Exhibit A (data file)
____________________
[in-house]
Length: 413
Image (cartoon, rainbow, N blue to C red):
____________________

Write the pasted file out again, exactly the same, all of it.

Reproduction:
[in-house]
Length: 413
Image (cartoon, rainbow, N blue to C red):